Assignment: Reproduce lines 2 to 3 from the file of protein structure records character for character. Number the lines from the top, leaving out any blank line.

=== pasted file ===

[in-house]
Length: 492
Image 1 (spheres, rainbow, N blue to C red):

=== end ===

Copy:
Length: 492
Image 1 (spheres, rainbow, N blue to C red):